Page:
More on recruitment and talent management

GeeknRollaFollowing up on my earlier post on good things to look for in people when you are hiring – Recruit the internet-savvy – I picked up on some useful notes whilst at TechCrunch‘s GeeknRolla on recruiting into startups, which I think are useful for pretty much any organisation. I also think it’s interesting to think how public services can learn from the culture of startup businesses, including around recruitment.

The talk was by Pete Smith from Songkick, which is a service that lets you track all sorts of information about your favourite live music acts, such as upcoming concerts, videos and recordings.

Here’s the notes:

  • Hiring is a top challenge for a startup and getting it wrong can serious affect momentum
  • Always be hiring
  • Better not to hire though, rather than to compromise on talent and drive
  • Very inefficient to hire from outside your network – plan for this
  • Grow your network as it’s the best way to hire good people
  • Have a hiring roadmap, build it into other choices: buildings, perks, and the tech you use
  • Risk taking in hiring comes later in a startup’s life, not early on
  • Vet applications ruthlessly before even meeting people
  • Spend as much time growing your network as you do looking at ‘non-network’ candidates
  • Hiring devs – use coding exercises then phone interview, then tech interview, then a ‘pairing session’ (not sure what that is)
  • Everyone you hire initially is vital to establishing the culture of your startup
  • How to recover from hiring errors: make sure you leave things on a good note. Don’t let people leave under a cloud. Make decision quickly but manage the exit – don’t let it drag on. Better to leave work undone than allow the wrong people to keep going.

These thoughts chime in with some activity coming out of the IDeA with regard to talent management, recruit and workforce planning. In the current financial climate, there is a lot of talk of cuts and redundancies which has the potential to be incredibly damaging.

So, the IDeA have launched an online resource, on ‘organisational redesign‘ with some useful case studies and guidance. A thriving community of practice also exists too (with various layers of sign-up required).

I honestly believe that local authorities could make massive improvements to their efficiency and levels of service if they recruited better, and made better use of the talent they already have. I consider myself to be a great example of the failings of local government workforce management. Some of the things that are important, I think, are:

  • To get people to do a good job, they need a good job to do
  • Innovators and the enthusiastic should not be treated as troublemakers or weirdos, but be treasured and made to feel special
  • Staff should be trusted. If you genuinely can’t trust all of them, give the good ones leeway
  • Give people the tools they need to be able to do their job well
  • Value things like curiosity, generosity, cooperation and openness
  • Allow the good people in your organisation to find each other
  • Have proper systems and processes in place for inventive people to be able to suggest and progress good ideas

The IDeA are also organising an event in Birmingham on 19th May, called ‘Designing a fit for the future organisation‘. I’m going, because it sounds pretty interesting. Hope to see others there.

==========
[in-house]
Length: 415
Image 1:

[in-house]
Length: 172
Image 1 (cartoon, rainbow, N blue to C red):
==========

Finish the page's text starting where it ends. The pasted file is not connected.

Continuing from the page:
Mobile opportunities

GeeknRollaI had an enjoyable day yesterday at TechCrunch Europe‘s GeeknRolla event – a conference for techy startups. There was lots of discussion about what the next big thing might be (no-one really knows) and how to get funding from venture capitalists (it’s really hard).

One of the most interesting and useful sessions from my perspective was the one on mobile platforms, by Ewan McLeod of Mobile Industry Review.

Ewan really put into perspective the mobile landscape in terms of who is using what – with an emphasis on the fact that the iPhone isn’t the only platform developers should be concentrating on. Nokia, and their Symbian operating system, dominates. The problem is that it’s harder and more expensive to develop for, and doesn’t offer the great user experience that the iPhone offers.

For public services, where accessing as many people as possible is the major issue, platforms other than the fashionable ones need to be seriously considered when developing native mobile applications.

I took some rough notes during the talk, which I have reproduced below with some minor edits for spelling and tidiness. A much better written summary of the session is on TechCrunch itself, and I have embedded the slides too, which are full of goodness.

My notes

  • 4.6 billion mobile subscribers on earth (1.6 billion tvs for instance)
  • Nokia 36%, Samsung 19% of total sales
  • Smartphone OSs: Symbian 47%, RIM 20%, iPhone 14%, Windows 9%, Android 4% (last year)
  • UK – 19 million handsets sold last year
  • Only iphone and android seems to have most developer interest. Symbian etc less elegant but popular with consumers!
  • Is developing on iphone the new “buying IBM”?
  • Do a deal with a handset manufacturer – great way to get succeed. Alternatively the mobile operators.
  • Get a trad. media conglomerate onboard
  • Build on an existing brand – whatever it is, as long as it appeals to consumers
  • Advertise on admob and getjar – v popular tho there are others
  • A mention in the Times is good for 10k downloads or more
  • QT new nokia development platform
  • iPhone devleopment is easier than android.
  • Clients only ask for iphone and brands want consumers to have a great experience
  • Other platforms are more difficult and possibly expensive to develop for. User experience can be mixed. But the numbers! The numbers!